Waking before sunrise, without an alarm, called by the possibility of shells on the shore, sand in my toes, the light of dawn, clouds that change from grey white to peach mango, with the rise of a star, where the Atlantic meets sky,
the heat that follows, the lack of layers, bare skin, bodies revealed, in all our awkward glory, fat rolls, wrinkles, scars, cellulite, curves,
the way the day unfolds between shell walks and wave jumping, sand castles and sandwiches, the ease of family, of three generations, connected by blood and marriage, three adults to one child,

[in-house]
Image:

the chance to be kid-free for an afternoon, bike rides and paddle boards, the face of the manatee that swam underneath me, margaritas at the fish house called J.B's, rock shrimp and raw oysters, complete conversations, uninterrupted adult time,
Elias's insider tour of Daytona Speedway, seventeen elevators and forty-two escalators, Olive finally feeling better after fever-filled days, a cough that kept us all up at night, (but still we rose), a pontoon boat ride on the Dead River, alligators and Annihingas, turtles and blue herons, clouds in the mirror, the light on our faces, our bodies, on bodies of water, the light, always the light, and heat,
oh how I'll miss thee.